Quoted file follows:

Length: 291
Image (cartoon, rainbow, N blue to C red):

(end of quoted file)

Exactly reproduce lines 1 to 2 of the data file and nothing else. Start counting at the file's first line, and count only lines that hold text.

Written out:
Length: 291
Image (cartoon, rainbow, N blue to C red):